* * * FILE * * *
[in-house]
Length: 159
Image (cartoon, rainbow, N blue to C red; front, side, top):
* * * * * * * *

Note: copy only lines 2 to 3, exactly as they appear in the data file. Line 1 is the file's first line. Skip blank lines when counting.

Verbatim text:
Length: 159
Image (cartoon, rainbow, N blue to C red; front, side, top):